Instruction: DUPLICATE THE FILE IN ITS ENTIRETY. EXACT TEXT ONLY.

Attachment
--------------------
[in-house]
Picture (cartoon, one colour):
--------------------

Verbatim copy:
[in-house]
Picture (cartoon, one colour):